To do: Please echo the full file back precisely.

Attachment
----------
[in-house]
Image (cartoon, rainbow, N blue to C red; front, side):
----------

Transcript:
[in-house]
Image (cartoon, rainbow, N blue to C red; front, side):